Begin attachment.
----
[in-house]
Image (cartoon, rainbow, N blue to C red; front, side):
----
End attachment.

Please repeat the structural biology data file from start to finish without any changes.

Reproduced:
[in-house]
Image (cartoon, rainbow, N blue to C red; front, side):